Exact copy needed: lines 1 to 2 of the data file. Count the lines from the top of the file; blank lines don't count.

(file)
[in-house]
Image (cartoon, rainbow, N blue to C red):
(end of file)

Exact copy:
[in-house]
Image (cartoon, rainbow, N blue to C red):